The ancient practice of metzitzah b'peh, direct oral suction, is still practiced by ultra-Orthodox Jews as part of the religious rite of male newborn circumcision. Between 2000 and 2011, 11 children have died in New York and New Jersey, following infection by herpes simplex virus, presumably from infected practitioners. The City responded by requiring signed parental consent before oral suction, with parents being warned of the dangers of the practice. This essay argues that informed consent is not an appropriate response (...) to this problem. An outright ban would a better response to a practice that is dangerous to children, but might prove unconstitutional under New York State law. (shrink)
: Because I reject the notion that physical characteristics constitute cultural membership, I argue that, even if the claim were persuasive that deafness is a culture rather than a disability, there is no reason to fault hearing parents who choose cochlear implants for their deaf children.
Advances in genetic research and technology can have a profound impact on identity and family dynamics when genetic findings disrupt deeply held assumptions about the nuclear family. Ancestry tracing and paternity testing present parallel risks and opportunities. As these latter uses are now available over the internet directly to the consumer, bypassing the genetic counselor, consumers need adequate warning when making use of these new modalities.
There is strong sentiment for a policy which would exclude foreigners from access to organs from American cadaver donors. One common argument is that foreigners are free riders; since they are not members of the community whichgives organs, it would be unfair to allow them toreceive such a scarce resource.This essay examines the philosophical basis for the free rider argument, and compares that with the empirical data about organ donation in the U.S. The free rider argument ought not to be (...) used to exclude foreign nationals because it is based on fallacious assumptions about group membership, and how the giving community is defined. Polls show that even among the seventy-five per cent of Americans who support organ donation, only seventeen per cent had taken the small step of filling out donor cards. Therefore, it goes against logic to define the giving community as coextensive with American residency, while excluding foreigners who might well have become donors had they lived in countries which provided that option. (shrink)
This paper probes the implications of a genetic basis for sexual orientation for traditional branches of Judaism, which are struggling with how accepting to be of noncelibate gays and lesbians in their communities. The paper looks at the current attitudes toward homosexuality across the different branches of Judaism; social and cultural factors that work against acceptance; attitudes toward science in Jewish culture; and the likelihood that scientific evidence that sexual orientation is at least partly genetically determined will influence Jewish scholars' (...) and leaders' thinking on this issue. (shrink)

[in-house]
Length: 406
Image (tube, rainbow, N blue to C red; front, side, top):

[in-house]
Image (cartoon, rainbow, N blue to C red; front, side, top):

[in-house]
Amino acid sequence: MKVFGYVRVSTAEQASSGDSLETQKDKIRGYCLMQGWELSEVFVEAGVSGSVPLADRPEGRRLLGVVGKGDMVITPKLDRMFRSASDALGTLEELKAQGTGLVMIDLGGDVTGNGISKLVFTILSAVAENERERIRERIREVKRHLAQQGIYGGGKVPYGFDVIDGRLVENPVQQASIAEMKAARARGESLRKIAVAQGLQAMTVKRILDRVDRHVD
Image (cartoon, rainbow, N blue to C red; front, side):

: It is possible and necessary to compare stretches of human life with other goods, such as the good of conserving resources for others. A minute of human life is not of infinite value; all else being equal, a minute of life is less valuable than 10 years of the same life. Nevertheless, this ability to evaluate human life does not necessarily lead to total commodification of human life.
The question of whether to allow children with AIDS to attend public school generates explosive emotions and has wide-reaching consequences. This paper focuses on the perspective of parents of well children who may be asked to attend school with children who have AIDS. These parents are poised at the heart of the dilemma: they are the ethical “bottom line,” and an argument that fails to satisfy them ought not to satisfy anyone.The conflicting commitments these parents face are first to the (...) parentchild covenant which requires them to act in their child's best interests, and second, to the principles of beneficence and justice, which require them not to further burden a sick child with ostracism and isolation.Almost exact parallels exist between this issue and that of proxy consent by parents for children's participation in low-risk, non-therapeutic research. The lengthy and important debate between Paul Ramsey and Richard McCormick on this question is analyzed, concluding that McCormick's position in favor of thoughtful proxy consent is the more compelling. Returning to the question of allowing children with AIDS to attend school, the essay shows why the parallels are persuasive. On the ethical level, the apparent conflict of obligations is almost exactly the same; on the pragmatic level, the essay shows why sharing a classroom with a child who has AIDS is comparable to the “low-risk” category that the National Commission for the Protection of Human Subjects found acceptable in its 1978 guidelines. The essay concludes that parents of healthy childrenmay and ought to accept the presence of children with AIDS in the public school. (shrink)